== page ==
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We report a new transformation, the LogDet, that is consistent for sequences with differing nucleotide composition and that have arisen under simple but asymmetric stochastic models of evolution. This transformation is required because existing methods tend to group sequences on the basis of their nucleotide composition, irrespective of their evolutionary(More)
Chloroplasts were once free-living cyanobacteria that became endosymbionts, but the genomes of contemporary plastids encode only approximately 5-10% as many genes as those of their free-living cousins, indicating that many genes were either lost from plastids or transferred to the nucleus during the course of plant evolution. Previous estimates have(More)
Phylogenetic inference from sequences can be misled by both sampling (stochastic) error and systematic error (nonhistorical signals where reality differs from our simplified models). A recent study of eight yeast species using 106 concatenated genes from complete genomes showed that even small internal edges of a tree received 100% bootstrap support. This(More)
Secondary structure models are an important step for aligning sequences, understanding probabilities of nucleotide substitutions, and evaluating the reliability of phylogenetic reconstructions. A set of conserved sequence motifs is derived from comparative sequence analysis of 184 invertebrate and vertebrate taxa (including many taxa from the same genera,(More)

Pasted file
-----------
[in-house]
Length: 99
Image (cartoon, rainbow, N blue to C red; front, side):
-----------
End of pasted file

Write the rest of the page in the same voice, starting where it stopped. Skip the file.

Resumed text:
The discovery of the molecular clock--a relatively constant rate of molecular evolution--provided an insight into the mechanisms of molecular evolution, and created one of the most useful new tools in biology. The unexpected constancy of rate was explained by assuming that most changes to genes are effectively neutral. Theory predicts several sources of(More)
We describe a sequential (step by step) Darwinian model for the evolution of life from the late stages of the RNA world through to the emergence of eukaryotes and prokaryotes. The starting point is our model, derived from current RNA activity, of the RNA world just prior to the advent of genetically-encoded protein synthesis. By focusing on the function of(More)
The extent of terrestrial vertebrate extinctions at the end of the Cretaceous is poorly understood, and estimates have ranged from a mass extinction to limited extinctions of specific groups. Molecular and paleontological data demonstrate that modern bird orders started diverging in the Early Cretaceous; at least 22 avian lineages of modern birds cross the(More)
We improve the taxon sampling for avian phylogeny by analyzing 7 new mitochondrial genomes (a toucan, woodpecker, osprey, forest falcon, American kestrel, heron, and a pelican). This improves inference of the avian tree, and it supports 3 major conclusions. The first is that some birds (including a parrot, a toucan, and an osprey) exhibit a complete(More)
Complete mitochondrial genomes are reported for a pika (Ochotona collaris) and a vole (Volemys kikuchii) then analysed together with 35 other mitochondrial genomes from mammals. With standard phylogenetic methods the pika joins with the other lagomorph (rabbit) and the vole with the other murid rodents (rat and mouse). In addition, with hedgehog excluded,(More)